All of this boils down to a priority of moving, especially when stuck. Without the ability to abandon some nascent effort and restart, getting stuck can be a serious waste of time. And the time it takes to succeed is always good to cut down. As counter-intuitive as it might seem, starting over is often quicker…
September 16th, 2022
It can be incredibly difficult to get someone to see things from your point of view. Often it feels as though no one is listening. But there’s a problem with this feeling: it’s based on a lack of evidence, an no evidence is not proof that something doesn’t exit. It’s just proof that the evidence currently isn’t visible.
What’s often happening is that we are heard, but instead of confirming this, our listener is too busy trying to push their own perspective because they are in the same boat - they feel as though they have not been understood.
We keep heaping our own point of view on others. Everyone struggles with this.
The key and hack to good conversation is in the questions we ask, not the descriptions and arguments we give.
When stuck at an impasse in conversation today, I felt the urge to rephrase what I’d already said, but a thoughtful moment made me realize that I was just repeating myself. So I switched it up, and wondered: how could a I force a response about the direction I was thinking in? The question I ended up asking was:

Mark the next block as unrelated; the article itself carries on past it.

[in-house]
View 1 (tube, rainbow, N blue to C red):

Given what you understand about my situation and my goals, if you had to adhere to those parameters as if you also really wanted them, what would your advice be for moving forward?
This got the thoughtful pause in my conversation partner that I was looking for. And the initial response was telling.
Hmm. You’ve forced me to give up my perspective and my agenda and take on yours as a kind of creative constraint….
Exactly. Isn’t this in large part what most people are looking for in many conversations? Isn’t this the framing through which we often hope to be spoken to? Put on my shoes for a moment. Look through my eyes. Wear my dreams and shroud yourself with my problems. Do you see something here that I don’t? How would you navigate forward?